If you’ve tried to get an investor to sign a nondisclosure agreement (NDA) before you pitch them, you’ll often be waved off with something like, “We don’t do that.”

That is somewhat sensible: Investors talk to a lot of startups, so signing an NDA could open them up to liabilities in many ways. For example, an investor could agree to not share anything you’ve disclosed, but it’s possible they heard another startup doing exactly what you do, with exactly your approach a couple of weeks before they spoke to you. That puts them in an awkward position.

This practice is therefore so widespread it’s become something of a rule.

There are times when you should push back against such conventions, though: When you’re discussing the details of your technology.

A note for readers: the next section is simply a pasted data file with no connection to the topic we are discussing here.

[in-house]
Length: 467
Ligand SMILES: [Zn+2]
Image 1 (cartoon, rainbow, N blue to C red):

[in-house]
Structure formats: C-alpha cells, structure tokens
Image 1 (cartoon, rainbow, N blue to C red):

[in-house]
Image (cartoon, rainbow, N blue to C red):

If an investor says they don’t sign NDAs, here’s what you should do: Take the meeting anyway but move the slides that talk about your technology to another part of the presentation deck, behind an interstitial slide saying, “Beyond this point, an NDA is required.”

Your job as the founder — using the market size, your unique team and traction — is to tell enough of a compelling story that the investors choose to sign an NDA ahead of your next meeting.

Here’s why you might need an NDA

Yes, investors will sign an NDA, but only in this specific circumstance by Haje Jan Kamps originally published on TechCrunch